I Can’t Believe What I Teach
For the past 34 years I’ve been compelled to teach a framework that I’ve long known is flawed. A better framework exists and has been available for some time. Moreover, I haven’t been forced to do this by any tyrannical regime or under threats of great harm to me if I teach this alternative instead. And it gets worse: I’m not the only one. Thousands of other university instructors have been doing the same all over the world.
I teach statistical methods in a psychology department. I’ve taught courses ranging from introductory undergraduate through graduate levels, and I’m in charge of that part of my department’s curriculum. So, what’s the problem—Why haven’t I abandoned the flawed framework for its superior alternative?
Without getting into technicalities, let’s call the flawed framework the “Neyman-Pearson” approach and the alternative the “Bayes” approach. My statistical background was formed as I completed an undergraduate degree in mathematics during 1968-72. My first courses in probability and statistics were Neyman-Pearson and I picked up the rudiments of Bayes toward the end of my degree. At the time I thought these were simply two valid alternative ways of understanding probability.
Several years later I was a newly-minted university lecturer teaching introductory statistics to fearful and sometimes reluctant students in the social sciences. The statistical methods used in the social science research were Neyman-Pearson, so of course I taught Neyman-Pearson. Students, after all, need to learn to read the literature of their discipline.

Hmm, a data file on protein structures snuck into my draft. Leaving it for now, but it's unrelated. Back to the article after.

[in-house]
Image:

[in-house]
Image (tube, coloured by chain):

Gradually, and through some of my research into uncertainty, I became aware of the severe problems besetting the Neyman-Pearson framework. I found that there was a lengthy history of devastating criticisms raised against Neyman-Pearson even within the social sciences, criticisms that had been ignored by practising researchers and gatekeepers to research publication.
However, while the Bayesian approach may have been conceptually superior, in the late ‘70’s through early ‘80’s it suffered from mathematical and computational impracticalities. It provided few usable methods for dealing with complex problems. Disciplines such as psychology were held in thrall to Neyman-Pearson by a combination of convention and the practical requirements of complex research designs. If I wanted to provide students or, for that matter, colleagues who came to me for advice, with effective statistical tools for serious research then usually Neyman-Pearson techniques were all I could offer.
But what to do about teaching? No university instructor takes a formal oath to teach the truth, the whole truth, and nothing but the truth; but for those of us who’ve been called to teach it feels as though we do. I was sailing perilously close to committing Moore’s Paradox in the classroom (“I assert Neyman-Pearson but I don’t believe it”).